According to the Bureau of Labor Statistics, median weekly earnings for women age 16 and older was 82 percent of the amount earned by men in the same age group. 1 This earnings disadvantage can affect how women manage living expenses and long-term goals like retirement or saving for a child’s college tuition.
How to overcome the income gap
You can help close the gap in several ways. First, keep informed of salary trends for your industry, role and job experience, and use the knowledge to negotiate your future compensation. Second, take full advantage of your workplace benefits – both financial (e.g. stock options, retirement plans) and nonfinancial (e.g. fitness center, onsite healthcare). Aim to set aside 10-15 percent of your income in your retirement plan – or at least enough to capture the matching contribution offered by your employer, if applicable. And third, invest wisely according to your risk tolerance and time horizon. Diversifying your investments and staying invested over time can help you achieve your long-term objectives.
Challenge #2 – The likelihood of a longer retirement
According to the National Center for Health Statistics, life expectancy for U.S. women exceeds that of men by five years (81.1 years for women vs. 76.1 years for men as of 2016). 2 While five years may not seem like much, rising inflation and healthcare costs may require retirees to save more to cover expenses in retirement.
How to plan for longevity
Life expectancy trends serve as a reminder to pay yourself first. Commit to saving part of each paycheck, even if it’s only a modest amount to start, as well as any windfalls you receive (e.g. tax refunds, bonuses, commissions). If you’re near retirement, carefully select the timing of when you, or your spouse if you’re married, begin claiming Social Security benefits. Your monthly benefit increases with time, which can be an important piece of your retirement paycheck.
Challenge #3 – Balancing multiple priorities
Life can be a juggling act for many women who are balancing their career with raising children or caring for an aging parent. It is also not unusual to see women take the lead on caring for aging parents or other family members. Such significant commitments can limit the time that can be devoted to pursuing career goals and making sure financial plans are on track.
How to balance multiple priorities
Decide what your collective financial goals are, and determine a process for saving, paying bills and handling other financial tasks. Good communication about your priorities can help alleviate pain points and anticipate future expenses. If you have children, it’s never too early to start saving for their college tuition. That said, it’s important to prioritize preparing for your own retirement first. Remember, your child could have scholarships and loans to help with college expenses. The same options are not available for your retirement. Consider creating a plan that will help you make meaningful progress toward both goals.
Challenge #4 – Coping with major life changes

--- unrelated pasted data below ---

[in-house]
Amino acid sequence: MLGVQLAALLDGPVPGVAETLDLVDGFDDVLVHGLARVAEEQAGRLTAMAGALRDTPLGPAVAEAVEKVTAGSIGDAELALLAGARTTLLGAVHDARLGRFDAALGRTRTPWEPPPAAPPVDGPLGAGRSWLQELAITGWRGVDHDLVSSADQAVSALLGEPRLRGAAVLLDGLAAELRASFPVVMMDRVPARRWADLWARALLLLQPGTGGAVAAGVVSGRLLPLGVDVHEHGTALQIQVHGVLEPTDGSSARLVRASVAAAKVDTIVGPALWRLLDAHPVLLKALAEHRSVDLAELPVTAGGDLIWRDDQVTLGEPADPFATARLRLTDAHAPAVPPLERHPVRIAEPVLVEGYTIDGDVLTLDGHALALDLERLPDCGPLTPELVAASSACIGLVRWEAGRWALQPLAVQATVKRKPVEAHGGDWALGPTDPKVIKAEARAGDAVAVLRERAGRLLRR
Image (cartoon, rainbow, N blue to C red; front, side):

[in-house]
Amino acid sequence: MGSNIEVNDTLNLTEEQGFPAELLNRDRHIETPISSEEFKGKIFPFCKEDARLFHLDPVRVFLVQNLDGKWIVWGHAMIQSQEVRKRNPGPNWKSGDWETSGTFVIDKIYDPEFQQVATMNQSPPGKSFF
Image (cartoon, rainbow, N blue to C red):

No matter how carefully you plan your life, you will experience occasional curveballs. For example, divorce can create a situation where income that formerly supported one household must now be split between two. The death of a spouse can have a dramatic financial impact on the future income of your family. Other unanticipated events can also have financial considerations.
How to plan for uncertainty
Building up your liquid savings is a great place to start. Having adequate savings can give you the flexibility to respond to changing circumstances quickly. Additionally, evaluate your insurance policies to ensure you have the proper protection in key areas, including life, health, disability, and long-term care. If you’ve experienced divorce or widowhood, update the beneficiaries on each of your accounts to reflect your wishes.
Start planning today
It’s easy to let financial planning take a back seat to family, career and other demands. Consider partnering with a financial advisor who can help you navigate the unique challenges and goals you have. Know that whatever your current circumstances, diligent planning, saving and investing can help you reach your financial goals.
Geri Eisenman Pell, CFP®, MBA, CDFA™, is a Private Wealth Advisor and CEO of Pell Wealth Partners private wealth advisory practice of Ameriprise Financial Services, Inc.) in Rye Brook, New York. (City, State). She specializes in fee-based financial planning and asset management strategies and has been in practice for 31 years. To contact her, visit pellwealthpartners.com or call 914.253.8800.
Pell Wealth Partners is located at 800 Westchester Avenue, Suite 300, Rye Brook, New York 10573.
1 U.S. Department of Labor, Bureau of Labor Statistics, “Women’s and men’s earnings by age in 2016,” August 25, 2017.
2 Kenneth D. Kochanek, Sherry L. Murphy, Jiaquan Xu, Elizabeth Arias, “Mortality in the United States, 2016,” National Center for Health Statistics Data Brief, No. 293, December 2017.
Investment advisory products and services are made available through Ameriprise Financial Services, Inc., a registered investment adviser. Ameriprise Financial Services, Inc. Member FINRA and SIPC. © 2018 Ameriprise Financial, Inc. All rights reserved.